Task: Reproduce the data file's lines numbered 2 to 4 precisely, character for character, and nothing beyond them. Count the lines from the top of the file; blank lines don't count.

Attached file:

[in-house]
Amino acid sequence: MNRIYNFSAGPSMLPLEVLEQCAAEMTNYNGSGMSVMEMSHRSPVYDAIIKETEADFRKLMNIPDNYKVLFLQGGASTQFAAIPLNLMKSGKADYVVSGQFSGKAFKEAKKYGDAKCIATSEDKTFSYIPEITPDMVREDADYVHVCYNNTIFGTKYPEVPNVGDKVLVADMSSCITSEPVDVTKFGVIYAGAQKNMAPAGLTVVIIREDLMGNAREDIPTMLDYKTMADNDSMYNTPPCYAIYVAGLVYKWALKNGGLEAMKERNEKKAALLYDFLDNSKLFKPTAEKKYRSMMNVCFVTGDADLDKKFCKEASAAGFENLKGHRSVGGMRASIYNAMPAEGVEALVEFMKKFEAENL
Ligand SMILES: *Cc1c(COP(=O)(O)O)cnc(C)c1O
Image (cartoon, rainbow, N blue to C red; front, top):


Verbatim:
Amino acid sequence: MNRIYNFSAGPSMLPLEVLEQCAAEMTNYNGSGMSVMEMSHRSPVYDAIIKETEADFRKLMNIPDNYKVLFLQGGASTQFAAIPLNLMKSGKADYVVSGQFSGKAFKEAKKYGDAKCIATSEDKTFSYIPEITPDMVREDADYVHVCYNNTIFGTKYPEVPNVGDKVLVADMSSCITSEPVDVTKFGVIYAGAQKNMAPAGLTVVIIREDLMGNAREDIPTMLDYKTMADNDSMYNTPPCYAIYVAGLVYKWALKNGGLEAMKERNEKKAALLYDFLDNSKLFKPTAEKKYRSMMNVCFVTGDADLDKKFCKEASAAGFENLKGHRSVGGMRASIYNAMPAEGVEALVEFMKKFEAENL
Ligand SMILES: *Cc1c(COP(=O)(O)O)cnc(C)c1O
Image (cartoon, rainbow, N blue to C red; front, top):